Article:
Into the Storm  (2014)    71/100

Rating :   71/100                                                                       89 Min        12A

Who doesn’t like a good disaster film? If for no other reason than one can sit and enjoy it thinking ‘thank fuck I am not there right now’, and indeed real life potential perils can often be more terrifying than anything within the domain of the horror genre. This follows a group of storm chasers (à la ‘Twister’ 96, in fact I’m pretty sure you can hear the voice of Bill Paxton as the weather man at one point) as they descend on the small town of Silverton Oklahoma, and although the weather is taken to extremes it is entirely justified by global conditions, like Katrina as they mention, regularly going to pot. Even in the UK we just had the remains of hurricane Bertha hit our shores for unseasonally windy and wet conditions, completely ruining The Red Dragon’s ultimate frisbee season, and in fact coming out of the cinema after this there were booming, ominous peals of thunder echoing overhead, which, naturally, is just what you want after seeing this. Indeed, Britain has one of the highest numbers of tornadoes in the world relative to its land area – though they’re mostly just totty little rubbish ones that don’t do anything, not withstanding the twister that obliterated parts of Birmingham last decade.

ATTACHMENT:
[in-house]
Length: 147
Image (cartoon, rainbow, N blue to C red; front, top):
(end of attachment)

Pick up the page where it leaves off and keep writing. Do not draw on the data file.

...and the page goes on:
This is actually part of the handheld camera genre, for the most part, but they have made a really good job of it compared to many of their contemporaries, moving things along quickly and without irritating the audience with pointless explanations for cameras and poor viewing quality. The action flits between the professionals, some amateur YouTube daredevils, and a father with his two sons due to film the highschool graduation ceremony until one of them bunks off to help a local girl with her own project – and when you see the girl in question (Alycia Debnam Carey) you will understand why. Overall, the effects are dramatically immersive and the tension feels suitably real, there are no Oscar worthy moments but the ensemble cast (of whom probably Richard Armitage and Matt Walsh are the most recognisable faces) make it seem believable. It kind of feels like a ‘Twister’ reboot, but nonetheless it is good fun and with the technological advances since then it also stands as an improvement on some of those late nineties waymarks that the filmmakers were no doubt inspired by.

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